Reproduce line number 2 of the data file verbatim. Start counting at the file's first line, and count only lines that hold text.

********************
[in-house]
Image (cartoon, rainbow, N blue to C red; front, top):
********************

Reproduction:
Image (cartoon, rainbow, N blue to C red; front, top):